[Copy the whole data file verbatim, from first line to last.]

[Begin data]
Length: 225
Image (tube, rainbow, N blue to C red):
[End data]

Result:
Length: 225
Image (tube, rainbow, N blue to C red):